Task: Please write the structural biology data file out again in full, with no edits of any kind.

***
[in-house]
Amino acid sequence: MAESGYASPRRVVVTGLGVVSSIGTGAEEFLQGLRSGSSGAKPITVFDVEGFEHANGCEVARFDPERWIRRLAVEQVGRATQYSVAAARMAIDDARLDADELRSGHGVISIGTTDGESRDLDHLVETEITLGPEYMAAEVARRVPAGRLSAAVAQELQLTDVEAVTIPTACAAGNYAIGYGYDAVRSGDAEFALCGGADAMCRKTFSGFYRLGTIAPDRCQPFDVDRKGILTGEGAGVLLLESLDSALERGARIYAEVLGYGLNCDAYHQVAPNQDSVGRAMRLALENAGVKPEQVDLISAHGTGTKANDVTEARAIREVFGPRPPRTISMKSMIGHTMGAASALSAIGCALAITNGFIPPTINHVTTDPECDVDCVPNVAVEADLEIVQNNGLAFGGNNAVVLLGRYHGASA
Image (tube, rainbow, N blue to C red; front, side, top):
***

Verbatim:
[in-house]
Amino acid sequence: MAESGYASPRRVVVTGLGVVSSIGTGAEEFLQGLRSGSSGAKPITVFDVEGFEHANGCEVARFDPERWIRRLAVEQVGRATQYSVAAARMAIDDARLDADELRSGHGVISIGTTDGESRDLDHLVETEITLGPEYMAAEVARRVPAGRLSAAVAQELQLTDVEAVTIPTACAAGNYAIGYGYDAVRSGDAEFALCGGADAMCRKTFSGFYRLGTIAPDRCQPFDVDRKGILTGEGAGVLLLESLDSALERGARIYAEVLGYGLNCDAYHQVAPNQDSVGRAMRLALENAGVKPEQVDLISAHGTGTKANDVTEARAIREVFGPRPPRTISMKSMIGHTMGAASALSAIGCALAITNGFIPPTINHVTTDPECDVDCVPNVAVEADLEIVQNNGLAFGGNNAVVLLGRYHGASA
Image (tube, rainbow, N blue to C red; front, side, top):